I spent an hour this week talking with someone whose closest relative has a terminal disease and is near to the end. Even by the standards of these things, the dynamics of the family make it particularly desperate. Despite being a priest for over thirty years I always feel entirely inadequate in these sorts of situation. My urge is to be a rescuer, to make it right and sort it out. In this situation, however, as in so many others, there is no hope, only the precious little things of the moment. The doctors have carefully listened and equally carefully explained that there is no miracle cure or experimental treatment; there is no other doctor or overseas clinic that can offer a cure. Suddenly for this family, the world has changed shape and there is nothing that can be done about it.

I always hope I can find the right words. When walking alongside a Christian family in these things it is easier, we can talk about hope and prayer and Jesus; we have a common language of prayer and worship. For many people, though, this is the first time that they may have thought about faith and it is clearly not the best time to start. I suspect there are complex things going on not least a realisation of a void which the lovers of God know can only be filled by him. The trouble is that for some the words aren’t even there yet to begin to form the question let alone to hear the answer. ‘What do you think, Padre?’ they ask. ‘That God loves you’ is all I can reply, knowing that for them this is probably an empty response, devoid of any real meaning.

Nonetheless, they invite us in. So, what do we say?

A long time ago at theological college I was taught ‘pastoral studies’ by a large Northern Irishman with a particularly booming voice. His strap line was to say that ‘95% of success is just in turning up’. I think I’d want to shy away from notions of success in these sorts of situation, but I am sure that he was right – it is by our being there that the love of God is shown. This is not just a clergy thing – it is for all of us. When we put ourselves in situations of any sort, by our baptism we put Christ there too. Some may say nothing at all, but to have a voice when it is the right time to speak we have to be there in the first place.

We celebrate today the faith and witness of St Luke the Evangelist. The tradition of the Church is that this is the same Luke who was a physician and the companion of St Paul. He pops up across Paul’s letters, such as this morning at the end of our reading from 2 Timothy. The word ‘evangelist’ of course comes from the same linguistic root as ‘gospel’ and so an evangelist is simply a carrier of the Good News. It is very appropriate that the notion of a healer and the gospel intertwine, after all it is in the Good News that the method of God’s healing for the world is announced in the person of Jesus, God’s son who would truly understand our suffering.

Healing in the New Testament is not just carried out for the benefit of those healed, regardless of how virtuous this is, it is there also to show God’s power and to demonstrate the fulness and nature of His Kingdom. As the Gospel reading from this morning says: cure the sick who are there and say to them, ‘the Kingdom of God has come near you’. This shows us that the pain and illness of the world is not as God would it. Creation is fallen but God wills to redeem and restore it. As Psalm 147 said, God is a binder of wounds, he builds up rather than breaks down.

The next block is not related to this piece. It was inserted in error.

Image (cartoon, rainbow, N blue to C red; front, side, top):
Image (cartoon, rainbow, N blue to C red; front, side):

So, what do we say? Certainly, we must be there to say it in the first place but after that maybe we shouldn’t worry. We know that we are imperfect, that we are too loud or too quiet or too open or too closed – whatever it may be. We are regardless the people that God made us as. If we believe that we carry Christ with us, that it is only through grace that our weak hands are strengthened and our feeble knees made firm (Isaiah 35), then it is almost a denial of faith to worry – the words shall be given you (Matthew 10:19). It is only by being there, wherever that may be, that we can say the words that help heal or ignite faith or bring justice and peace.

…....and say to them “the Kingdom of God has come near to you”.




written by Rev Ian Colson

Let us pray for the Church and the World and let us thank God for His goodness.


For the Church,

  • for our bishops, Helen-Ann and Nick
  • that we may be fearless in our proclamation of God’s love
  • that we may seek justice
  • that healing may flow from us

For the world,

  • for the healing of the growing rifts between nations
  • for those areas divided by conflict
  • that nationalist ambitions may be laid down in causes of justice and peace

For our country

  • for our communities in this country where division is brought about by unequal sharing of our common resources.
  • for our leaders that they may have wisdom
  • for our armed forces especially those who will be in danger today (and, of your charity, for the chaplains who serve them)

For us

  • for our own healing
  • for the gift of having the right words to say
  • that we may be open to God’s calling us
  • with thanksgiving for the love others show us


For those in need

  • for those who are ill, especially those close to death
  • for those who sit waiting at a bedside
  • for those who will die alone today.

For those things which lie on our hearts today


And so, rejoicing in the fellowship of St Luke, the apostles, the evangelists and all your saints, we commend ourselves and all people to your unfailing good.

Merciful Father, accept these prayers for the sake of your Son, Jesus Christ our Lord. Amen


Affirmation of Faith


We believe in God the Father,

from whom every family

in heaven and on earth is named.

We believe in God the Son,

who lives in our hearts through faith,

and fills us with his love.

We believe in God the Holy Spirit,

who strengthens us

with power from on high.

We believe in one God;